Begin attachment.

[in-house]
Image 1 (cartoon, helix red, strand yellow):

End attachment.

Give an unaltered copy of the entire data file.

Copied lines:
[in-house]
Image 1 (cartoon, helix red, strand yellow):